Interesting bit. I’m a newbie when it comes to actually using Facebook. I’m confused with what to do with those silly little requests. Some are cute and clever but I guess I am one of the few who just don’t get it.
I edited my Facebook profile late last night before my Internet access decided to snooze on me. I cleared the content on each tab including the “relationships” section that had the marriage field checked . The entire time, I thought the system would just leave my status hidden as per the claim below the first box:
Apps Can Think for Themselves
When I got up this morning, I got text and email messages from folks extending their support. Honestly, I thought they shared my frustration towards my Internet service provider. I let it lapse throughout the day until I received a warm message from a local social media guru sharing words of encouragement about my marriage coming to an end. I was really shocked and was about to call out foul-play thinking someone hacked my profile.
So I stormed to my account and saw on the feed/story that I am no longer married along with an image of a heart broken in half.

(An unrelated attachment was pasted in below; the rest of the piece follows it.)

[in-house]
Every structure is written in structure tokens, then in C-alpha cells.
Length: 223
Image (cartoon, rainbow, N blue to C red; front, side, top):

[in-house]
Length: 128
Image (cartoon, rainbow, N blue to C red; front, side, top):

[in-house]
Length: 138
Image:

I then asked Aaron to check his profile and he too, saw the message.
Linkbaiting Bots? I think Sooner than Later
So I guess if you point your relationship status to the empty field, their engine defaults you as being single. But that’s expected of bots. The part that amazed me was how it created a “story” with great extremes on possible consequences. It churned up a fake story so compelling, that it evoked emotion that led to an action by its readers. It got me thinking if there could be a way to use this to our advertising advantage? I’m sure I’ll figure it all out one day. But for now, I have to buy Aaron dinner.
Feel free to share with me your thoughts and opinions on this matter. The weirder and more idealistic, the better